Nandini Rao Budhagavi
“My Sexuality is my sexuality, none of your sexuality”, a famous dialogue from a Bollywood movie “Shubh Mangal Zyada Saavdhan”, overtly gives a mirror image of the mentality of the society we live in. This sentence shows the irony with which we accept our society. A contrast as to what our Preamble envisages, or our constitution withholds and the reality with which we live.
Fernando Pessoa once said,” The unnatural and the strange have a perfume of their own.” The Queer-eyed have a story of their own and the world that they view is much more encompassing and embracing than the sore eyes, we behold.
The society goes by certain norms and beliefs and designates some orders that are against the nature. These can be termed as social constraints that the society imposes in order to maintain the equilibrium of the mankind. Unnatural offences are one of those that the society inhibits and constitutions backs-up. Unnatural offences have widened with the passage of time and brought into its purview sodomy, buggery, bestiality, tribadism, sadism, masochism.
India has come a long way in giving a much-needed light in the matter of unnatural offences. The fight for the queer-right and societal identity has seen its end and it has struck down one of its unnatural offence in the age of becoming.
The Indian Constitution has termed certain offences as unnatural offences. The offences provided in Section 377 of The Indian Penal Codes are called as Unnatural Offences. Section 377 Unnatural Offences-“ Whoever voluntarily has carnal intercourse against the order of the nature with any man, women, or animal, shall be punished with imprisonment for life, or with imprisonment of either description for a term which may extend to ten years, and shall also be liable to fine.”
Explanation- Penetration is sufficient to constitute carnal intercourse necessary to the offence described in this section.
The offence mentioned in Section 377 have an influence of English laws like Sodomy, Bestiality, since the Indian Penal Code was drafted under the craftsmanship of Lord Thomas Babington Macaulay.
The Judiciary tried to define and brush-off all the ambiguities related to what constitutes penetration and carnal intercourse. In the case of State of Kerala v. Kundumkara Govindan (1969) Cr LJ 818 (Ker), the Kerala High Court, said that the intercourse here is meant to be sexual and not social one. Therefore, penetration was considered as “insertion in any place, fir or thrust”. Holding this the court decided that even the act of committing intercourse between the thighs is also known as carnal intercourse against the order of nature and held liable under section 377.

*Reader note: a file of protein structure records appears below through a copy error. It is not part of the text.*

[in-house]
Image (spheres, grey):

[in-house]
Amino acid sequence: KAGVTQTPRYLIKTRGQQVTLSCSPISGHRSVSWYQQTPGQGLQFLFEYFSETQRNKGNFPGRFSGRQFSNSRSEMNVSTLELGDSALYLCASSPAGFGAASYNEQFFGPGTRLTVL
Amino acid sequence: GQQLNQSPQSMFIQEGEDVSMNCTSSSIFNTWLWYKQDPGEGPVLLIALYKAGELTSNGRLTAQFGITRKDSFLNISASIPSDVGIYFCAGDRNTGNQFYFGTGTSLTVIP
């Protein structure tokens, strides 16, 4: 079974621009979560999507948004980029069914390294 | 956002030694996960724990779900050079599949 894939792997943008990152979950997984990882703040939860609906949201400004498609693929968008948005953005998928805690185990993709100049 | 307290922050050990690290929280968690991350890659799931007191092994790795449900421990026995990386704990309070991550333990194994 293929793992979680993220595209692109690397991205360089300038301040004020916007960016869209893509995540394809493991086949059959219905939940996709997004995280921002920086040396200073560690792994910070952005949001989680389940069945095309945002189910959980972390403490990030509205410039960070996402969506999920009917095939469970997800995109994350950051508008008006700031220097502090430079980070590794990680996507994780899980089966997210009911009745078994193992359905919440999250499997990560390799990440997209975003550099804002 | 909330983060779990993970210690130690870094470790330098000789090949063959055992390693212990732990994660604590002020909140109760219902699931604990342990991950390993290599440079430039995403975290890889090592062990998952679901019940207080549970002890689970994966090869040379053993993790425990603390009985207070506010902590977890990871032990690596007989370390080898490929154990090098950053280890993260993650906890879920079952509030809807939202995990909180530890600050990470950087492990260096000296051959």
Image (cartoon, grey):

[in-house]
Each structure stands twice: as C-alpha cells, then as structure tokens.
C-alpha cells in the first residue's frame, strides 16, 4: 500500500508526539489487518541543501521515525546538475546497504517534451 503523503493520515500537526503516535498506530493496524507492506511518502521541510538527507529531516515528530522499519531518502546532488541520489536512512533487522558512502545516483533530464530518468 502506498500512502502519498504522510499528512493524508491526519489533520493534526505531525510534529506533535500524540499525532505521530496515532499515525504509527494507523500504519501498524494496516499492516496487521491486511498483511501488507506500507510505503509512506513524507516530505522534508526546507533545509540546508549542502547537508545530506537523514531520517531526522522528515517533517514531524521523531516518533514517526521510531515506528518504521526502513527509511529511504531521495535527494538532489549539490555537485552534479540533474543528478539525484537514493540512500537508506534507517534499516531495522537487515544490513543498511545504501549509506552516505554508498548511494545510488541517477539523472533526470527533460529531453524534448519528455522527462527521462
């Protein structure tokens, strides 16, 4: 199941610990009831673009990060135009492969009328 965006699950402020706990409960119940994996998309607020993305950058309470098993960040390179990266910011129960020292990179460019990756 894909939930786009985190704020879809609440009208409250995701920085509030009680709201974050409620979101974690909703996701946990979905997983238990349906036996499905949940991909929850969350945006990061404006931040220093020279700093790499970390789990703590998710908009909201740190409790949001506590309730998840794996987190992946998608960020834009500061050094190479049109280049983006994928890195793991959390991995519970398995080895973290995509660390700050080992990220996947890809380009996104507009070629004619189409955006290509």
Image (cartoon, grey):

Essentials to Unnatural Offences under Section 377 are,
- There must be “voluntary carnal intercourse.”
- It must be “against the order of the nature- it may be with any man or woman or animal.”
- There must be a presence of “penetration.”
These are the essential cumulative conditions that when complied with, constitutes the offence under Section 377 of Indian Penal Code.
In the case of State of Maharashtra v. Shankar Krisanrao Khade 2009 Cr LJ 73 (Bom), though the victim was raped and subjected to carnal intercourse before she was murdered by the accused, the court did not attract or rejected to hold the accused convicted under section 377 by making accused liable of sodomy.
Therefore, only a slightest penetration as mentioned in explanation coupled with the act being against the order of the nature is sufficient to make the person liable under this section.
Against the order of the nature, here, denoted the act against the societal norms and values. But sometimes what is natural to particular societal culture may be unnatural for another community or social group. In 1884, a transgender person in Moradabad district of northern India was arrested by police after the person was found crossdressing and singing with a group of women. Given the name ‘Khairati’ in the case files, the person became one of the first to be prosecuted under the infamous Section 377 of the colonial-era Indian Penal Code (IPC), which criminalized “carnal intercourse against the order of nature” – an umbrella term for non-procreative sexual acts. Queen Empress v Khairati was initiated by the police without a complainant. They appeared to have been monitoring the person who was suspected of being a eunuch, leading the presiding judge to commend “the desire of the authorities at Moradabad to check these disgusting practices.”
There are four connotations in the term gender expression. They are sexual desire, sexual identity, sexual orientation and sexual behavior. A person cannot have a command over these elements of a person’s sexual construct. So, therefore, putting a constraint in the minds of the people in terms of law legalizing certain elements and criminalizing certain elements that are natural to a particular part of the society. When the term society is used here, it states that the people belonging to that section are very much part of the society and when society is built upon the interdependence among each other, it becomes rather obligatory for us to provide the same belongingness and recognition with which the other part of the society is remaining harmoniously.